• All types of institutions cite improved student access as their top reason for offering online courses and programs.
  • Institutions that are the most engaged in online education cite increasing the rate of degree completion as a very important objective; this is not as important for institutions that are not as engaged in online learning.
  • Online is not seen as a way to lower costs; reduced or contained costs are among the least-cited objectives for online education.
  • The appeal of online instruction to non-traditional students is indicated by the high number of institutions which cite growth in continuing and/or professional education as an objective for their online offerings.

What are the Prospects for Future Online Enrollment Growth?

Background: Compound annual enrollment growth rates of over twenty percent are not sustainable. The demand for online among potential students is finite, as is the ability of institutions to grow existing offerings or add new ones. Where can we expect the additional growth to occur?
The evidence: Approximately one-third of higher education institutions account for three-quarters of all online enrolments. Future growth will come predominately from these and similar institutions as they add new programs and grow existing ones.

  • Much of the past growth in online enrollments has been fueled by new institutions entering the online learning arena. This transition is now nearing its end; most institutions that plan to offer online education are already doing so.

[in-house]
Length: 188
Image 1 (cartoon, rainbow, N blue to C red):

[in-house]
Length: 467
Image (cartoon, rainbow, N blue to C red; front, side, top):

• A large majority (69 percent) of academic leaders believe that student demand for online learning is still growing.
  • Virtually all (83 percent) institutions with online offerings expect their online enrollments to increase over the coming year.
  • Future growth in online enrollments will most likely come from those institutions that are currently the most engaged; they enroll the most online learning students and have the highest expectations for growth.

What are the Barriers to Widespread Adoption of Online Education?

Background: Previous studies in this series have shown that academic leaders have consistently commented that their faculty often do not accept the value of online learning and that it takes more time and effort to teach an online course. To what extent do these leaders see these and other issues as critical barriers to the widespread adoption of online learning?
The evidence: Identification of the most important barriers differs widely between those with online offerings and those who do not offer any. Current results replicate our previous studies in identifying faculty acceptance and the need for more discipline on the part of students as the most common concerns.

  • Academic leaders cite the need for more discipline on the part of online students as the most critical barrier, matching the results of last year’s survey.
  • Faculty acceptance of online instruction remains a key issue. Those institutions most engaged in online do not believe it is a concern for their own campus, but do see it as a barrier to more wide-spread adoption of online education.
  • Higher costs for online development and delivery are seen as barriers among those who are planning online offerings, but not among those who have online offerings.
  • Academic leaders do not believe that there is a lack of acceptance of online degrees by potential employers.